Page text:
Mentions: Together, these data indicate that Ras–PI3-kinase–Akt is one of the survival pathways induced by activation of neuronal L-type channels, and that this pathway is essential for the synergy between NGF and depolarization. A second, calcium-activated pathway that might also be involved in neuronal survival involves calcium/calmodulin-dependent protein kinase II (CaMKII; Hanson and Schulman 1992; Ghosh and Greenberg 1995). To determine the potential importance of this pathway for sympathetic neuron survival, neurons were maintained in various concentrations of NGF and/or KCl plus or minus 10 μM KN-62, a specific pharmacological blocker of CaMKII (Tokumitsu et al. 1990). MTT assays two days later revealed that 10 μM KN-62 dramatically reduced neuronal survival in 50 mM KCl, but had no effect on survival mediated by 10 ng/ml NGF or by 5 ng/ml NGF plus 10 mM KCl (Fig. 9 a). TUNEL assays confirmed this result: the number of TUNEL-negative cells was similar in NGF plus or minus KN-62, but a large decrease in TUNEL-negative cells was observed when KN-62 was added to 50 mM KCl (Fig. 9 b). Thus, in addition to a Ras–PI3-kinase–Akt pathway, calcium influx through L-type channels also mediates neuronal survival through a CaMKII-dependent pathway.


Depolarization and neurotrophins converge on the phosphatidylinositol 3-kinase-Akt pathway to synergistically regulate neuronal survival.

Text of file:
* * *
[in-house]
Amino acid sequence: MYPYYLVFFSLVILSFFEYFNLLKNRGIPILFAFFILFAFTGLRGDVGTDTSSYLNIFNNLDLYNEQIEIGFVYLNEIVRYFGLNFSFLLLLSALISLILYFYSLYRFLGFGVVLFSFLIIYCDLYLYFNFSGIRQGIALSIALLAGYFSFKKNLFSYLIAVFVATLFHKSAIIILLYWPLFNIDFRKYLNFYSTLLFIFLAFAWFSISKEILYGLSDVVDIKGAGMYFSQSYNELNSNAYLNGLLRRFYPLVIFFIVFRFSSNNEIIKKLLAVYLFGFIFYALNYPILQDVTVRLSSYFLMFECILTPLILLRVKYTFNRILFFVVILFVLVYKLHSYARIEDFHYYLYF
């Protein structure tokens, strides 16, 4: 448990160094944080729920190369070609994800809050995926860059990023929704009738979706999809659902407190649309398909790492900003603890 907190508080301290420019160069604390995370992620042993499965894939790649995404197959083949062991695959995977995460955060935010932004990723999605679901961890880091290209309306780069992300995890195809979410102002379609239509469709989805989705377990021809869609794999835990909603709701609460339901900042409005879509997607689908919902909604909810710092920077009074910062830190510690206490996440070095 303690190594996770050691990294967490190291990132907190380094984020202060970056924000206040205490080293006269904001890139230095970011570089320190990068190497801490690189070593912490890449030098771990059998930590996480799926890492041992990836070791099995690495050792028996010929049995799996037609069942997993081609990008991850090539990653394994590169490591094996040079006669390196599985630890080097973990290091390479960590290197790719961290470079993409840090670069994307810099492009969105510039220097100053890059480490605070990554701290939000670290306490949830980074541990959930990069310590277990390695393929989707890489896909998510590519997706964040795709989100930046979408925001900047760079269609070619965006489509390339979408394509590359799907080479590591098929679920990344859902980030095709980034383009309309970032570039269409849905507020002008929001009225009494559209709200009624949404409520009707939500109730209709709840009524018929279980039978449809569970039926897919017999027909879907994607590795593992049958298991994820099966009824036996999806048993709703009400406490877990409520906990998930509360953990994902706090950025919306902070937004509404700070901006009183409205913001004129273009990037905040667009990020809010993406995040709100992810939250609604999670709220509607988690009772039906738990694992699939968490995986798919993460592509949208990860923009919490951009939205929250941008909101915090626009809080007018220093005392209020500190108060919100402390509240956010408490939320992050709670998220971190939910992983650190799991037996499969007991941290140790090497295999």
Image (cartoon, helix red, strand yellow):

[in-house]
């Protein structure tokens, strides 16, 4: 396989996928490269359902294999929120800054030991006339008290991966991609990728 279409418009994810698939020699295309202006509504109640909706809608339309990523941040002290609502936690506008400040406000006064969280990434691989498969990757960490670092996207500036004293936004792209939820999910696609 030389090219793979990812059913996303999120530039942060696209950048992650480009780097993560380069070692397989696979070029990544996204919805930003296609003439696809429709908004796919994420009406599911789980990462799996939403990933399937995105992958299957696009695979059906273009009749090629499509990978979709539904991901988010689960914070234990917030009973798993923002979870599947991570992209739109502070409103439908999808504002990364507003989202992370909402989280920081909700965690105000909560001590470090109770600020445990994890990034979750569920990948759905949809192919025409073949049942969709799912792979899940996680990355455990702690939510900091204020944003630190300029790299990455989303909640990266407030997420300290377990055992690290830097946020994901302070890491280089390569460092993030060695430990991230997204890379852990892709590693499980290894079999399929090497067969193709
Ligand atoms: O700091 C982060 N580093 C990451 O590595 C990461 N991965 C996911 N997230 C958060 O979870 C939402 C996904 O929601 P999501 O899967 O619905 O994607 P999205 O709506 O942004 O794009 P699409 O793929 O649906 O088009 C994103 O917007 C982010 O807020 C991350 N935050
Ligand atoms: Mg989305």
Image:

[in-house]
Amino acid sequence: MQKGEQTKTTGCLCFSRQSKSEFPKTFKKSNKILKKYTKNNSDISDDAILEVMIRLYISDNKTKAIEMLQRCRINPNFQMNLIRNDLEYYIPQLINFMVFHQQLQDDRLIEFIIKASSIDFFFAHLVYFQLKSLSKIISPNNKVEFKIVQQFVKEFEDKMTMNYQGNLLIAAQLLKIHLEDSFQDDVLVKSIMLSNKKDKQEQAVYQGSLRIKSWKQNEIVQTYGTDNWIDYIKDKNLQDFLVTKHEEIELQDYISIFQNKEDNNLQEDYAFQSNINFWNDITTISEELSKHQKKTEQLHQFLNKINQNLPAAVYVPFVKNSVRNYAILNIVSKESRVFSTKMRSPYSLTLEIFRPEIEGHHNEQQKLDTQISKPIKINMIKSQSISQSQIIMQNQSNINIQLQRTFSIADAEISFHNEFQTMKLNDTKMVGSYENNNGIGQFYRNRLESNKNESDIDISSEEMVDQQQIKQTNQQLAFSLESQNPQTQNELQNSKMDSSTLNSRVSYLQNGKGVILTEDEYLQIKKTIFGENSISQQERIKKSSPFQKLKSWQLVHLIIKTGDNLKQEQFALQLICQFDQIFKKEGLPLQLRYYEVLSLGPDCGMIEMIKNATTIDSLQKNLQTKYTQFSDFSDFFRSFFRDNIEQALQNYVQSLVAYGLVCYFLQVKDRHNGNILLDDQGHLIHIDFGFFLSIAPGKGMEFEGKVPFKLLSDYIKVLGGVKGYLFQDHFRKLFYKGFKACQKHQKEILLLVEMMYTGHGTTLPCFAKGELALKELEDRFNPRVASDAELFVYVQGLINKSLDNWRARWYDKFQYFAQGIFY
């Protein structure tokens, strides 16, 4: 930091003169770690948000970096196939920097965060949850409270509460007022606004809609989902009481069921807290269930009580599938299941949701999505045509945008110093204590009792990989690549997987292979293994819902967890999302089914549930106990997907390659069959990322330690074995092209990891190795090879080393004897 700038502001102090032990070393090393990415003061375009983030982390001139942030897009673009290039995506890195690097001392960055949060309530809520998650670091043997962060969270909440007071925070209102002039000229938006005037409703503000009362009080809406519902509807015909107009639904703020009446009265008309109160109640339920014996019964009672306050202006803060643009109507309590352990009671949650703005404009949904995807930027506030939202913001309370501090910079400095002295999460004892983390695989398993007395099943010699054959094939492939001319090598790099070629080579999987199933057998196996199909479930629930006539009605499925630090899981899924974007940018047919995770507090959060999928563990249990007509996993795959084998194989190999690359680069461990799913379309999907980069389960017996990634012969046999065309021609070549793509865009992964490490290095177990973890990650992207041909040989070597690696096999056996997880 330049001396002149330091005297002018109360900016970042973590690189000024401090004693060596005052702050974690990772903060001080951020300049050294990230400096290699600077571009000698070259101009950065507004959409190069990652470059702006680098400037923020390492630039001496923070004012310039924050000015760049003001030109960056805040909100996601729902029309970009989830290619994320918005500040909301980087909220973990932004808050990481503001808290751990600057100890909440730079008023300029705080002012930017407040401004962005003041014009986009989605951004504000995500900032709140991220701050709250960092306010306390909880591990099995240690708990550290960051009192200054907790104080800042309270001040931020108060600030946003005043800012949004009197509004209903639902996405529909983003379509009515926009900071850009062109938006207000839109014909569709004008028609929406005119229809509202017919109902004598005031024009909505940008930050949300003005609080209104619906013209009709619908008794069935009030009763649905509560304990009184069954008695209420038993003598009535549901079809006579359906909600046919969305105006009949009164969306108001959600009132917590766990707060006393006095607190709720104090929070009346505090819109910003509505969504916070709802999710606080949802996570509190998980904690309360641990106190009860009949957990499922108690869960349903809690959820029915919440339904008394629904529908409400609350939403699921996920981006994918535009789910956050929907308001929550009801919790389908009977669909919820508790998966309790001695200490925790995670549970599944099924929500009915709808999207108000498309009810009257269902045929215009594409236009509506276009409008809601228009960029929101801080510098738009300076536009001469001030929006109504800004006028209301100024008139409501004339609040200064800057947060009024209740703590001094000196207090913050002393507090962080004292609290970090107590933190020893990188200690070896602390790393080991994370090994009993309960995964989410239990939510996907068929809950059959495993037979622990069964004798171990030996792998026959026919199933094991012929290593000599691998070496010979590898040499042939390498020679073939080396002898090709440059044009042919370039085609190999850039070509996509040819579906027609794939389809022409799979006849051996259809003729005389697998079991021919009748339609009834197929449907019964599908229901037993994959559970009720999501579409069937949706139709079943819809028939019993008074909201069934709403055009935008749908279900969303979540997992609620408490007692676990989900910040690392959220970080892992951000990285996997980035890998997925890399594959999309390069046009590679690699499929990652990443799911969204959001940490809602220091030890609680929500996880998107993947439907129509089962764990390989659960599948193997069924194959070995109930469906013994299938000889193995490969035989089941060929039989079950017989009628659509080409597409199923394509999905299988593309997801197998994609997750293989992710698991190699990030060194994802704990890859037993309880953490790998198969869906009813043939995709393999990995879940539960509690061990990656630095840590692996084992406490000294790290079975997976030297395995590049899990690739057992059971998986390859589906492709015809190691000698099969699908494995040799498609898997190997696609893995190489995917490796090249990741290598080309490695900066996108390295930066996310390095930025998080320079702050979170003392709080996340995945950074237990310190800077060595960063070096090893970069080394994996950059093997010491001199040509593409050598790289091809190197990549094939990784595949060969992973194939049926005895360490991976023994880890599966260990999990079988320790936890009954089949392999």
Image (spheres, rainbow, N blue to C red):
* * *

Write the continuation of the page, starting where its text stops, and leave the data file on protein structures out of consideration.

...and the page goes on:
Vaillant AR, Mazzoni I, Tudan C, Boudreau M, Kaplan DR, Miller FD - J. Cell Biol. (1999)

The role of CaMKII in survival mediated by NGF and/or KCl. a and b, CaMKII is necessary for KCl-mediated survival, but plays no role in the synergistic survival seen with NGF plus KCl. NGF-selected sympathetic neurons maintained in NGF and/or KCl for two days with or without 10 μM KN-62 and survival was then monitored by MTT assay (a) or TUNEL (b). In a, results represent the mean ± SD of one representative experiment performed in triplicate. Similar results were obtained in three separate experiments. In c, results represent the mean percentage of TUNEL-negative cells/total Hoechst-positive nuclei as determined in three separate experiments, each of which was performed in triplicate. In both panels, *indicates values that are significantly different (P < 0.01) from 50 mM KCl. c, CaMKII is necessary for ERK, but not Akt phosphorylation in response to KCl. Western blot analysis of equal amounts of protein derived from sympathetic neurons stimulated for 15 min with NGF (ng/ml) and/or KCl (mM) with or without 10 μM KN-62. Blots were probed with antibodies specific to tyrosine/threonine-phosphorylated ERKs (P-tyr/thr ERK), serine-phosphorylated Akt (P-ser Akt), or to total ERK or Akt protein. The ERK panels derive from reprobes of the same blot, and the Akt panels from reprobes of another.